When I was a child, my family lived on a street that ended in a small cul-de-sac. Actually, it was more of a dead end—a secret pocket—far from the traffic and noises of the city. Our house had the most ideal location in the entire neighborhood, with a decades-old bridge on the south and Turtle Creek on the west.
It was in this environment of seclusion and tranquility that she first appeared in the summer of 1956. So little, so thin, so old, so fragile. Even from my bedroom window facing the street, I could tell that her pale, wrinkled skin was delicately beautiful. Her gray hair was held at the back of her head in a loose bun. She wore a flowing housecoat. Her feet never left the street as she shuffled along in her slippers. But what really caught my attention was what she had in her hands: a plate with cookies surrounding a candle.
When she reached the front of our house, she stopped and stood with her plate. I called my mother, who was ironing. She joined me at the window and shook her head saying, “Oh, dear, I’d better call Mr. Stanfield.”
Minutes later, a gray-haired man raced to within feet of the old woman. As he reached her, he said something as he touched her elbow. His manner was gentle, comforting, and coaxing. Without saying a word, she turned with him and they walked back toward the end of the cul-de-sac.
“That was Harry Stanfield and his mother,” my mother explained.
“His mother? He’s too old to have a mother,” I interrupted. In my world, there were three types of people: children who were always moving, parents who were tall and wore uncomfortable clothing, and grandparents who had gray hair and lots of wrinkles. My mother explained that Mr. Stanfield had lived with his mother all of his life.
It was around Thanksgiving when I saw her again. I was home alone. There was Mrs. Stanfield in the same outfit with her plate of cookies and candle. Only this time the candle was lit, and she had a Kleenex in her mouth. I didn’t know exactly what to make of these new developments except that I always got in trouble when it came to fire and Kleenex in any form. Once again, she stopped in front of our house and stood. I knew that my parents wouldn’t return for hours, so I took it upon myself to rush down the street to the Stanfields’ cottage. I ran around to the back of the house and saw Mr. Stanfield raking leaves.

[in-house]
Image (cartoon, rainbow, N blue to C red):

“Mr. Stanfield, your mother is in front of our house,” I blurted out. He looked up and rushed down the street. Once again, he coaxed her back home.
When my parents returned, I didn’t tell them about my adventure. I knew that I was supposed to stay put when they were gone. But I felt it was my duty to protect Mrs. Stanfield, even if it meant breaking the rules.
By my first year in junior high, the sightings had stopped, and all signs of Mr. Stanfield seemed to disappear. The little cottage moved from a state of neatness to disrepair.
It wasn’t until late one night when I was studying for my first final exam in high school that I noticed flashing lights passing our house. It was the first ambulance to ever drive up our street. Without waking anyone, I followed the lights to Mr. Stanfield’s house and stood outside. The attendants emerged from the house carrying Mr. Stanfield.
“What’s wrong?” I asked the first attendant.
“He’s had a stroke,” the bearer replied. “We have to get him to the hospital.”
I looked at Mr. Stanfield, who had a strange expression of peace and calm on his face.
I felt something touch my wrist. Looking down, I saw Mr. Stanfield’s hand holding my arm. Bending down close to him, I heard him say, “Thank you.” I smiled.
I told my parents about the ambulance the next day. My father made a couple of calls and returned to the breakfast table. “Harry Stanfield died this morning,” he reported.
I later learned that he had given his body to the medical school and requested no services. But I never forgot him. After all, Harry and his mother taught me the art of caring quietly.